For more on the GMO controversy check out this article from Slate.



Do Ice-Based Villains Like Killer Frost Follow the Laws of Thermodynamics?

A lot is happening on tonight episode of the CW’s The Flash. One development that will send the fans shivering is the introduction of Killer Frost. The winter powered Earth-2 version of Dr. Caitlin Snow (Danielle Panabaker) is sliding onto the scene and just might freeze the Flash in his tracks. Ok I’ll chill it with the frosty puns, but if one more skates by you’ll just have to Let it Go.


Copyright Walt Disney Pictures.

Joking aside, characters with ice based powers regularly appear in pop culture. Is the basic science behind these powers accurate?  Let’s start with some thermodynamic basics. Temperature, refers to the measurement of internal energy inside something. This energy can change or be transferred between different forms. According to the First Law of Thermodynamics energy is not created or destroyed, but can be changed from one form to another.

When we talk about heat or heat energy, we are referring to the transfer of energy between two systems, because of a temperature difference. Most of the time energy moves from something hot to something cold. This is because of entropy, the measurement of disorder in a system. Think of how a room naturally gets messy over time, or your headphones get tangled when you put them in your pocket. The Second Law of Thermodynamics says the entropy of a system will always increase.  Think of the Second Law as saying heat will always move in a direction where it can be evenly shared amongst the most people or objects. A hot pan of cookies will burn you because heat moves from the hotter pan, to the colder cells in our hands. Whereas, holding an ice cube feels cold because heat moves from our warmer hands to the colder ice. If something feels hot, then you are absorbing heat, while if something is cold, you are releasing heat.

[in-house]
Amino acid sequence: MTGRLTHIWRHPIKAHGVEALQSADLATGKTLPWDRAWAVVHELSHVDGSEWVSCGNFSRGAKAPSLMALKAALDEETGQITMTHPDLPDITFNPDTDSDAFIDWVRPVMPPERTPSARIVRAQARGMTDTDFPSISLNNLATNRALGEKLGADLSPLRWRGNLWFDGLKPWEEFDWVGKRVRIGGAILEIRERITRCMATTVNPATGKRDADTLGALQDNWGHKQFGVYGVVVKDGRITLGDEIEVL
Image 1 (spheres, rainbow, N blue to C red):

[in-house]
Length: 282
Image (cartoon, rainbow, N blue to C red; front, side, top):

Copyright Warner Brothers/ DC comics. Fair Trade.

Now let’s look at what we know about Killer Frost’s powers from the comics. Dr. Caitlin Snow became Killer Frost after an accident changed her cellular makeup. Her body is
made of ice-like cells and she feeds on heat from external sources. She actually fights Firestorm primarily because his powers generate energy for her to absorb. If she is made of ice-like cells, we can assume that her body is going to be naturally colder than normal. Thus she can logically absorb heat from other people, but what about the ice? Water can exist in different
states of matter, and one way to move between states is to change the amount of energy of the water molecules. Liquid water can become solid ice by removing heat, or vapor by adding heat. On Earth, the air contains about 1- 5% water vapor. When Killer Frost removes heat from water vapor, the water molecules contain less energy and change into solid ice.

At this point, some of you Flash fans are probably thinking about Captain Cold (Wentworth Miller), the other ice themed character on The Flash and Legends of Tomorrow, who can freeze things with his cold gun. This actually introduces the Third Law of Thermodynamics. One way this can be stated is that as temperature approaches 0 degrees Kelvin (-459.7 degrees Fahrenheit), or absolute zero, the entropy will approach a constant. What does this mean? Solid ice is made of water molecules packed tightly together, however they still have some entropy because they can vibrate in place. At absolute zero, the molecules vibrate as slow as possible, and thus have the lowest entropy. Since the temperature of an object depends on how fast its atoms and molecules are moving, absolute zero is the coldest temperature possible. Scientists have tried to reach it, and have gotten very close, but no one has thus far.


Copyright Warner Brothers/ DC Comics. Fair Trade

Captain Cold’s cold gun works by generating a “field of absolute zero” that slows down the atomic motion of what it hits. Once again, it creates ice by freezing the water molecules in the air. As part of the Flash’s powers involves his molecules vibrating faster than normal (he contains more energy) it is considered a dangerous weapon. In the real world, while we don’t have guns that can generate beams of absolute zero, scientists can use lasers under controlled conditions to remove the heat from atoms by slowing them down (molecular cooling).

So, not all the science of these characters is accurate. However, when you watch our ice-based villains on The Flash and Legends of Tomorrow you can know that their powers and weapons do follow  three laws of thermodynamics.

The Motley Advocate (Editor)
Slide1Motley Advocate is a Christian, a biologist, a writer and an amateur at many other things. He doesn’t  have a twitter but you can e-mail him at


Neglected Tropical Diseases